Returning Veterans Get Helping Hand Finding Jobs
A few dozen veterans mingled around the Pinellas Technology Education Center recently, many clutching handfuls of job applications. At least 50 companies were on hand during the job fair, which was reserved for veterans in its first hour.
SOUND: Background sound of job fair.
Steven Delre of Valrico was in Iraq with the Air Force four different times over nine months. He's been back home for two months, and this was his third job fair.
Delre still hasn't landed a job he thinks is right for him. And he's gotten some unusual reactions when employers find out he served in Iraq.
DELRE: I've gotten a couple of nibbles, but I've also gotten civilian companies tell me they're scared because of my military background - I'd have poor customer service skills, things like that. They have a pre-notion that I'm going to yell at them and tell them to stand at attention and things like that. I thought it was pretty funny, myself.
Delre has a background in logistics, which he thinks would be perfect experience for a position in management.
DELRE: I knew the competition would be steep, especially in the Tampa area, so, no, it's not going as smooth as I'd like, but I was expecting a little rough time.
Nearby, Walter Etheridge perused the displays from several Bay area employers. The St. Petersburg resident has been out of the service since April, after serving in Iraq for a year.
ETHERIDGE: It's a little more difficult because you think with the veteran's preference and all the things that are going on with your job experience, they're looking for a little bit more for the kinds of job you want. As in high-paying job, not just minimum wage, $7, $10 an hour. You probably want to make $35,000 to $40,000 a year to recuperate the cost of living and all the things you didn't have to pay for when you were in the military.
REPORTER: Are you finding anything here that might fit what you're looking for? ETHERIDGE: Right now, they're just throwing job ideas at me, telling me 'we'll get back in contact with you.'
Etheridge wants to use his experience in the service as a logistics supply specialist to get a job in management.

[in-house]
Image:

In the meantime, he's scraping by to care for his wife and one child.
ETHERIDGE: The whole point is when you jump out of the military, there's nothing you can do until you get that job. So April, June, kind of time-frame, so I'm just making ends meet right now.
The situation is even more dire for veterans who have been wounded or disabled. There are a lot of resources available from the state or federal government. Veterans get government job preferences. And last week, Gov. Bush signed into law a series of bills to provide additional benefits to Florida's veterans.
But many times, these wounded vets are focused on getting medical care.
The last thing J.R. Martinez remembers of his tour of duty was rumbling through the Iraqi city of Karbala three years ago. His Humvee was struck by an improvised explosive device. Martinez was trapped and suffered burns over 40 percent of his face and body before he was pulled from the wreckage. Since then, he's been operated on 32 times.
MARTINEZ: At the time, I was 19 years old, and I understood when I was 19 and I was in the ICU and I stood and after I saw my face for the first time, it was tough for me because I thought how was I going to live like this? How was I going to be able to go on as a 19 year old? I'm still young. I have my life ahead of me. And knowing that we live in such a visual world, I though it was going to be impossible for me to move on.
It was then he found the Coalition to Salute America's Heroes. It's a non-profit group created to help severely wounded and disabled veterans and their families rebuild their lives. The Dallas, Texas resident is now its spokesman.
MARTINEZ: We don't care what you look like. All we care is how you are as a person. And that's what allowed me to get to where I am today. I feel that I'm blessed. And what happened to me not only was a tragedy, it was a blessing. And that's the only way to look at it.
Back at the Pinellas job fair, Steven Delre says despite his lack of success in landing a job, he's getting by with a little help from family members. And his wife has accepted a job.
DELRE: We're doing OK. I'm going to stay home and take care of the kids.
His advice for fellow veterans?
DELRE: I guess be persistent, and take your time.
The New York Times is sponsoring four 'Salute Our Heroes' jobs fairs for veterans around the country. One will be held July 11th at the USF Sun Dome in Tampa. More than 40 companies have already agreed to attend.
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